Studies Connecting Byetta To Pancreatic Cancer Questioned By Doctors

Quoting initial reactions from certain doctors attending the National Institute of Diabetes, Digestive and Kidney Diseases (NIDDK) conference, reports that medical experts see no increased risk between pancreatic cancer and Byetta-type pharmaceutical formulations. These reactions were received after listening to presentations reporting of results of studies associating these drugs to pancreatic complications including that of Dr. Peter Butler. Different studies were presented in this meeting in the hope of putting an end to this issue which has gone to the point that the Food and Drug Administration (FDA) and European Medicines Agency (EMA) have been rapped by the British Medical Journal over the handling of this controversy.


There were many questions raised and there was much skepticism regarding the risk of cancer of the pancreas, according to Dr. Joseph Whitcomb, an expert of the pancreas and who acted as co-chairman of the NIDDK meeting. This view was shared by Dr. John Buse of the University of North Carolina School of Medicine when he stated that data from companies and other investigators suggest no signal of pancreatic cancer can be detected. Both doctors appear to give more credence to the presentations of medical experts connected with pharmaceutical companies than the study conducted by Dr. Peter Butler.



Three points were raised by Dr. Whitcomb in assailing the clinical trials performed by the team of Dr. Butler. Pointed out as the first concern was the ages of the subjects for both the control group who were in their 30s and the patients who were found to have pancreatic cancer who were in their 50s. According to the doctor, the critical issue was in defining the appropriate control group and when the right control group is used, there is no evidence of increased risk.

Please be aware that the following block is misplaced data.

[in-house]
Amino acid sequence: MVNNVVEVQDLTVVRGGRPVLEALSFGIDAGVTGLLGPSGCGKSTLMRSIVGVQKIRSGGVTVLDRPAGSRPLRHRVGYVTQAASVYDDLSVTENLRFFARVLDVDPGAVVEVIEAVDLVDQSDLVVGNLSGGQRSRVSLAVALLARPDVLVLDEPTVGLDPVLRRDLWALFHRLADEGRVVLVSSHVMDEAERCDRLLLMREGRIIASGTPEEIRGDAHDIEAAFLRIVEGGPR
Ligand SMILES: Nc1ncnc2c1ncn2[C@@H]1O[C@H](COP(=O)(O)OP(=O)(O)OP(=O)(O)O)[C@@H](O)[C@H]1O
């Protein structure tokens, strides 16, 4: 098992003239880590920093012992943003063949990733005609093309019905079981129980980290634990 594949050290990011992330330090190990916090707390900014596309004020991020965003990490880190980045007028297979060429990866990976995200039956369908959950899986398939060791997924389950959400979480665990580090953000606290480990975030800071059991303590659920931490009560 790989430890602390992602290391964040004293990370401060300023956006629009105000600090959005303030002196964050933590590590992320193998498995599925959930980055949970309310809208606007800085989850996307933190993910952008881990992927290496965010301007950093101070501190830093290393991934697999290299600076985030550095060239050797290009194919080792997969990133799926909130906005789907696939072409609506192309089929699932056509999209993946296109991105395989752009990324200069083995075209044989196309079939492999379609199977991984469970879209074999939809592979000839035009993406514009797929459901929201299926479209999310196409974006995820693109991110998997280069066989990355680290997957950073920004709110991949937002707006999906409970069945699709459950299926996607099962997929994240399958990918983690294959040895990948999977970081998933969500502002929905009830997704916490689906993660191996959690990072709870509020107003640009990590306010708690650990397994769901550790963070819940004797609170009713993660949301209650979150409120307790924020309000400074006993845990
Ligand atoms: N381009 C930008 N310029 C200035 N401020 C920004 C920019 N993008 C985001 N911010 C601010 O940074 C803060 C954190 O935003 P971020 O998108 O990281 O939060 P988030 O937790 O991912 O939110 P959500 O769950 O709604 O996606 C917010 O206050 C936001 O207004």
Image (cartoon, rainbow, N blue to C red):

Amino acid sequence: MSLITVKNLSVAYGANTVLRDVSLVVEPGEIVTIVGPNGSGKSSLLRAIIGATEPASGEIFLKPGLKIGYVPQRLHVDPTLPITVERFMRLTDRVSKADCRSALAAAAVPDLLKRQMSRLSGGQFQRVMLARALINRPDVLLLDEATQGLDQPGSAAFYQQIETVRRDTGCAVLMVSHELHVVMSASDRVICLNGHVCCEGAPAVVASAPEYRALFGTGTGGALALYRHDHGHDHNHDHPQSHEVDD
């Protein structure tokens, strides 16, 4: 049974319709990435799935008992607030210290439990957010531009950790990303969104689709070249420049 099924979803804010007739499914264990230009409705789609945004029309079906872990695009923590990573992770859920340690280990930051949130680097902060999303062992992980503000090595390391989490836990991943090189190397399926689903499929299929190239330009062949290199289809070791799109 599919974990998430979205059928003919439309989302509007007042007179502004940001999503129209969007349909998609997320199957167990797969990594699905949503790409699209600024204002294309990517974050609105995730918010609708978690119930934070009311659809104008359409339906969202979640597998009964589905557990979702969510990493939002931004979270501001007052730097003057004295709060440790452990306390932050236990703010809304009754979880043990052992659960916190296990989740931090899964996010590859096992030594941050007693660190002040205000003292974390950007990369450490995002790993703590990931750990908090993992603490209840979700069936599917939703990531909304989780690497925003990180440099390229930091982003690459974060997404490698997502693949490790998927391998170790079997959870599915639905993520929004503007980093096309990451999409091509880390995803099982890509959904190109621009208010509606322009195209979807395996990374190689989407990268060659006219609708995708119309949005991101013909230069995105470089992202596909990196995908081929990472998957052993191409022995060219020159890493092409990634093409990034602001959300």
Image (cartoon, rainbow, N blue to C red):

It was asserted by Dr. Whitcomb that the alpha-hyperplasia, the lesion found by Dr. Butler, is the wrong kind of cancer. What is associated with pancreatic cancer is glucagonoma, which was never found, and not hyperplasia.


The cells used in calculating hyperplasia which in this case used the weight of the pancreas was the third point raised. The pancreas of those with diabetes and in the elderly people tends to shrink, according to Dr. Whitcomb, which might have an effect on the results of the study.  


In contrast, the claims of Dr. Alan Moses, the global chief medical officer of Novo Noridisk and Dr. Sam Enger, the medical expert from Merck, were given more weight by both doctors. Dr. Moses presented an analysis based on a five-year study which showed that the risk of pancreatic cancer was 0.7 compared to other diabetes drugs such as the common metformin. It was concluded by Merck that there was no increased risk of pancreatic cancer with the use of their medications based on a study using 14,00 patients from 25 randomized clinical trials.


Based on their reactions, even the Food and Drug Administration (FDA) would seem to agree with the position of both doctors which suggests that no signal of pancreatic cancer can be detected. This was based on its own evaluation using different studies and independent of those conducted by pharmaceutical companies. The FDA has assured that it will maintain its vigilant monitoring of the issue as well as to encourage long-term studies on the subject, perhaps as a way to assuage everyone concerned and to be in the safe side.


It is unfortunate that the side of Dr. Butler was not aired to answer these questions raised by the two doctors who incidentally have relationships with drug manufacturers. Reactions of the two doctors on the recommendations of the Institute of Safe Medication Practices (ISMP) and on the results of other studies such as the one conducted by Dr. Singh of the John Hopkins University would also be very welcomed by the millions of people affected with diabetes.



Leave a Reply

Your email address will not be published. Required fields are marked *

Connect with Facebook